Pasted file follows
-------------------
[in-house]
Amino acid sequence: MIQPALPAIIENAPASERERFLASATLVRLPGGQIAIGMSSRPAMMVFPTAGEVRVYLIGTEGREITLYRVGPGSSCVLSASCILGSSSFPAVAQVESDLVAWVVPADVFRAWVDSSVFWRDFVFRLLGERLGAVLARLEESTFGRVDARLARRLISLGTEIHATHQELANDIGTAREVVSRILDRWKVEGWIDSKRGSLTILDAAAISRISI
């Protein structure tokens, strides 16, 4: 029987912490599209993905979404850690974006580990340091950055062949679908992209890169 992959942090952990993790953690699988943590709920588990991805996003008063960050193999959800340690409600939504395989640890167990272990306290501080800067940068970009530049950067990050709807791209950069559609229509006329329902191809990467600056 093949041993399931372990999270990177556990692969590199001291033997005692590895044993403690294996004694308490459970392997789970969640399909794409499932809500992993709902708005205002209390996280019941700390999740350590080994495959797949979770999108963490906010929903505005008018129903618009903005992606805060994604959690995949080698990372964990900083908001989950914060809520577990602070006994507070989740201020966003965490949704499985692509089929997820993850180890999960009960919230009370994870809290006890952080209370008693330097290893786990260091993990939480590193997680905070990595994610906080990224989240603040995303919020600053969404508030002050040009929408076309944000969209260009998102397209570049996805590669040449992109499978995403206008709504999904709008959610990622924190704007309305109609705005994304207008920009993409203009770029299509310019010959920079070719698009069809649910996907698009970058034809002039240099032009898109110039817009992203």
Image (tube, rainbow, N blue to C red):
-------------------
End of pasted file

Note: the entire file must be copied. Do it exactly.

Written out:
[in-house]
Amino acid sequence: MIQPALPAIIENAPASERERFLASATLVRLPGGQIAIGMSSRPAMMVFPTAGEVRVYLIGTEGREITLYRVGPGSSCVLSASCILGSSSFPAVAQVESDLVAWVVPADVFRAWVDSSVFWRDFVFRLLGERLGAVLARLEESTFGRVDARLARRLISLGTEIHATHQELANDIGTAREVVSRILDRWKVEGWIDSKRGSLTILDAAAISRISI
């Protein structure tokens, strides 16, 4: 029987912490599209993905979404850690974006580990340091950055062949679908992209890169 992959942090952990993790953690699988943590709920588990991805996003008063960050193999959800340690409600939504395989640890167990272990306290501080800067940068970009530049950067990050709807791209950069559609229509006329329902191809990467600056 093949041993399931372990999270990177556990692969590199001291033997005692590895044993403690294996004694308490459970392997789970969640399909794409499932809500992993709902708005205002209390996280019941700390999740350590080994495959797949979770999108963490906010929903505005008018129903618009903005992606805060994604959690995949080698990372964990900083908001989950914060809520577990602070006994507070989740201020966003965490949704499985692509089929997820993850180890999960009960919230009370994870809290006890952080209370008693330097290893786990260091993990939480590193997680905070990595994610906080990224989240603040995303919020600053969404508030002050040009929408076309944000969209260009998102397209570049996805590669040449992109499978995403206008709504999904709008959610990622924190704007309305109609705005994304207008920009993409203009770029299509310019010959920079070719698009069809649910996907698009970058034809002039240099032009898109110039817009992203």
Image (tube, rainbow, N blue to C red):